Starting pitcher Jake Westbrook has announced his retirement from baseball on Friday, according to Rob Rains of StL Sports Page. The right-hander was a free agent this winter but chose to hang up his cleats when he did not receive a convincing offer to come back for another season.
Westbrook pitched for three teams over a 13-year major league career. He was drafted in the first round by the Colorado Rockies in 1996 but was traded twice before debuting in the majors for the New York Yankees in 2000. After pitching in three games for New York, he was dealt to the Cleveland Indians and appeared in more than 200 contests for the Tribe over the next nine seasons. His last stop came in St. Louis after the Cardinals acquired him in a deadline deal in 2010.
In his interview with Rains, Westbrook spoke about his decision to retire and his desire to spend more time with his family:
"The interest that I was getting wasn't significant enough for me to go through the grind of another year and be away from my family. I was kind of 50-50 on whether I wanted to play anyway. I'm good with the decision...I'm excited about the next part of my life and that's being home with the kids and my wife Heather..."
The 36-year-old Westbrook was the definition of a league-average starter during his career. His overall numbers in 315 games (273 starts) featured a 105-103 record, a 4.32 ERA (96 ERA+), 12.8 bWAR, four shutouts and four seasons with at least 200 innings. His career highlights include a victory in Game 6 of the 2011 World Series, which he earned by pitching a scoreless 11th inning against the Texas Rangers, and a 2004 season in which he finished third in the American League with a 3.38 ERA and earned his only All-Star berth. In addition to the ring he won with the Cardinals in 2011, he was also a part of the World Series champion Yankees in 2000 (although he didn't pitch in the postseason that year).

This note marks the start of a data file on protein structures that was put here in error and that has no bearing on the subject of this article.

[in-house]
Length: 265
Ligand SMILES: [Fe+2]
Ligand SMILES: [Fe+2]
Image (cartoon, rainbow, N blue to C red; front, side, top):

A look at Westbrook's transaction logs provides a brief walk down memory lane for fans who have followed the game over the last 20 years. After drafting him in '96, the Rockies dealt him to the Montreal Expos for infielder Mike Lansing. The Expos shipped him to the Yankees with Ted Lilly in exchange for Japanese pitcher Hideki Irabu in 1999, and New York flipped him to Cleveland the next summer as part of a deadline deal for David Justice. The Georgia native reached St. Louis via a three-way trade in which the Cardinals sent Ryan Ludwick to the San Diego Padres.
Westbrook is not the only familiar name to call it quits this winter. Yankees closer Mariano Rivera's retirement received plenty of press over the last year, and Cy Young winners Roy Halladay and Chris Carpenter were forced to step away due to injuries. Starting pitcher Andy Pettitte retired (again), as did slugger Lance Berkman and longtime infielders Michael Young, Mark DeRosa and Jerry Hairston. Westbrook was teammates with both Carpenter and Berkman in St. Louis, and briefly with Rivera and Pettitte in New York.
Said Westbrook, while reflecting on his career (via Rains):
I've been super blessed with the opportunity I was given out of high school in 1996, not knowing what to expect as an 18-year-old kid from a small town," Westbrook said. "I was blessed to play the game I love for as long as I did and to have the support I have gotten, first and foremost from my wife Heather. I know my oldest boys will remember a good part of it. It's been fun.